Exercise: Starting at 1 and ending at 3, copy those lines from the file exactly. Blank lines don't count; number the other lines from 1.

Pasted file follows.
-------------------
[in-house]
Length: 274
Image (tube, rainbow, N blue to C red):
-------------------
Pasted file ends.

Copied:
[in-house]
Length: 274
Image (tube, rainbow, N blue to C red):